Ross did, however, have a decent collegiate career as a receiver at Cal, where he had 57 career receptions for 764 yards and three touchdowns.
The 6'0", 215-pound Ross was primarily used by the Packers as a returner late in the 2012 season after Randall Cobb was injured returning a punt.
Ross appeared in five games with the Packers last year, and he averaged 28.7 yards on three kickoff returns, while also averaging a very robust 25.8 yards on four punt returns.
Ross will get the first shot to replace Cobb in the return game this year, even after his very costly fumble on a punt return deep in Green Bay territory during the team's Divisional Round playoff game against the San Francisco 49ers last postseason.
Ross has the size and speed to become a factor in the passing game as well, but his first responsibility will be in the return game.
In the seventh round of the 2013 NFL draft, Ted Thompson decided to select not one, but two, wide receivers for the Packers. The first one Thompson selected was Charles Johnson of Grand Valley State.
Johnson appears to have everything one would want as a wide receiver—size, speed and production. The 6'2", 215-pound Johnson ran a very impressive 4.38 40-yard dash at his pro day.
In addition to that, Johnson had 72 catches for 1,199 yards and 16 touchdowns in 2012 for Grand Valley State.
In his collegiate career, Johnson played for three different programs (Eastern Kentucky, Antelope Valley Community College and Grand Valley State), which might be considered a red flag to some.
Still, Johnson's measurables and potential give him a decent shot at making the Green Bay roster, depending on how he fares in training camp and the preseason. Even if Johnson doesn't make the final cut, expect to see him on the practice squad this season.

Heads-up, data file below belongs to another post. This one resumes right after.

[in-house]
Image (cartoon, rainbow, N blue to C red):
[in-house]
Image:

Kevin Dorsey of Maryland was the second wide receiver taken by the Packers in the seventh round of the 2013 NFL draft. Dorsey has nice size (6'1", 207 pounds) and had a decent four-year career with the Terrapins.
Over his career at Maryland, Dorsey had 80 receptions for 1,092 yards and nine touchdowns. After catching 45 passes his junior year, Dorsey saw his reception total drop to just 17 in his senior year, which was mostly because of inept play at the quarterback position.
Dorsey will need to have a nice training camp and also show well in the preseason for a chance to stick on the final roster of the Packers.
If Dorsey doesn't make the 53-man roster, there is a reasonable chance that he will be put on the practice squad of the Packers.
Of the four undrafted rookie wide receivers I have listed above, the guy to keep an eye on is Myles White. White played at Louisiana Tech, along with the more highly-touted wide receiver Quinton Patton.
In two years at La. Tech, the 6'0", 182-pound White had 86 receptions for 1,132 yards and nine touchdowns.